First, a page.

Researchers discover 14,000-year-old Canadian village, one of North America’s oldest

April 13, 2017 by  
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The discovery of a 14,000-year-old ancient village in Canada could forever alter our understanding of early civilization in North America. Researchers estimate the settlement is way older than the Giza pyramids, and have found artifacts dating all the way back to the Ice Age . The village is one of the oldest human settlements we’ve ever uncovered in North America – and lines up with the oral history of the Heiltsuk Nation. Researchers from the Hakai Institute and University of Victoria , with local First Nations members, unearthed revealing artifacts on Triquet Island, around 310 miles northwest of Victoria, Canada. They’ve found fish hooks, spears, and tools to ignite fires. Thanks to the discovery of the ancient village last year, researchers now think a massive human migration may have happened along British Columbia’s coastline. Related: World’s oldest fossils discovered in Canada – and they’re 4 billion years old According to IFL Science, archaeologists once thought humans might arrived in North America via a land bridge between Russia and Alaska, and then moved forward on foot. But the recent discovery suggests people moved down the coast possibly in boats instead; the coastal route likely came before the inland route. University of Victoria PhD student Alisha Gauvreau, who was part of the excavation, told CTV News Vancouver Island, “I remember when we get [sic] the dates back and we just kind of sat there going, holy moly, this is old. What this is doing is just changing our idea of the way in which North America was first peopled.” The find fits right in with the oral history of a First Nations government in British Columbia, the Heiltsuk Nation. For generations they’ve told stories of ancient coastal villages. William Housty of Heiltsuk Nation told CTV News Vancouver Island, “To think about how these stories survived all of that, only to be supported by this archaeological evidence is just amazing.” Via CTV News Vancouver Island , The Independent , and IFL Science Images via screenshot and Hakai Institute Twitter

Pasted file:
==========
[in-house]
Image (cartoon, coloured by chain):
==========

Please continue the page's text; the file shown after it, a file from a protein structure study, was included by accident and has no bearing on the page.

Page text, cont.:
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Researchers discover 14,000-year-old Canadian village, one of North America’s oldest

World’s first full-size IBC bifacial solar module takes in light from both sides

April 13, 2017 by